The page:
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This has been a rough week y’all. As I write this, 3 SEC games were canceled just hours ago, the remaining schedule is a tangled ball of mess and confusion, and a weekend that sports fans, especially in the South, have been looking forward to all year has lost a fraction of its luster.

In a year that has been seemingly just a calendar full of one disaster after the next, this weekend was supposed to be a bright spot. A weekend we needed, and honestly deserve. Two of the greatest traditions and dramatic theaters in all of sports on the same weekend. 

College football. The Masters. Together. 

Like the yellow 1st-down line, peanuts in a Coke bottle or deep fried Snickers, this was the combination that Southerners never knew we needed, but now don’t ever want to live without. A gluttonous flex of all things great. 

So no whining or crying over spilled contact tracing, or milk. Because if you are anything but Christmas-morning-level-excited for this weekend, you’re wrong. And here are a few reasons why.

  1. We can watch Tennessee, LSU and Mississippi State lose by 30 literally ANY weekend we want.
  2. No Bama-LSU means a weekend without Gary Danielson and a weekend WITH UNCLE VERNE.
  3. We get to watch the SEC dominate 2 sports instead of 1.

And if you’re still somehow on the fence, let us explain the Masters, and golf in general, the best way we know how: through SEC-colored glasses and a whole bunch of bias. This is our SEC Fan’s Guide to the Masters. Because this week, it just means fore.

Augusta, Ga.

If you aren’t familiar with Augusta, let me explain. Augusta in July is awful. It’s basically just one long heatstroke of misery. However, Augusta during Masters Week is incredible and pretty similar to SEC towns on game days every fall. People come from all over the world, and the city buzzes with excitement.

A friend of mine who lives there describes Masters week in Augusta as as “like having unrealistically high expectations all year long for something, and yet you’re still somehow never disappointed.” So, basically the opposite of how LSU fans felt about the Alabama game for the past decade, or the opposite of how Tennessee fans feel about every game right now.

Augusta National

Augusta National. It’s quite simply the most beautiful golf course in the world. The drive down Magnolia Lane toward the clubhouse looks like a Faulkner novel that came to life, as magnolia trees line the road like the hedges line Sanford Stadium.  It has the beauty of the Grove, the charm of Athens and the unexplainable reverence and mystique of Death Valley.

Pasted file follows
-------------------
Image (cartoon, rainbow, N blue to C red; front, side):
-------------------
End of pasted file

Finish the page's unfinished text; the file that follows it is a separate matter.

The course is immaculate. Outside of Snoop Dogg and Les Miles, no one loves grass as much as the maintenance crew in Augusta. Roughly $30 million was spent on course maintenance in 2015. Which is incredible when you realize South Carolina won’t even spend half of that to fire Will Muschamp. 

The course is also shut down for several months immediately following the tournament in order to keep it in such pristine shape. So, most of the event’s success is really just 1 big week in an entire season and then just 3-4 months of absolutely nothing. Just like every regular-season schedule Clemson has played in the past 6 years.

Course rules

There are several unique rules for patrons as well. For instance, just like Mike Leach’s offense, running is strictly prohibited at the Masters. And unlike the rule outlawing cowbells in Davis-Wade Stadium, the rules in Augusta are actually followed.

The other biggest rule at Augusta is no phones or cameras are allowed inside the grounds. That may not seem like a big deal, but if that rule were in place in Oxford, Miss., back in 2015, Hugh Freeze would still be at Ole Miss, and Laremy Tunsil’s draft day would’ve ended with more bank and less dank.

‘Tailgating’ & pregame festivities

To be fair, there are no real “tailgates” at this tournament. However, you can experience the next best thing. Hooters. I’m serious. Going to Hooters off Washington Road is better than any dog, tiger, cat, or whatever mascot walk into a stadium you see on SEC Saturdays. Mainly because John Daly shows up every year in his RV and gets drunk in the parking lot signing autographs. I mean, if that’s not the most Stephen Garcia thing you’ve ever heard then I don’t know what is.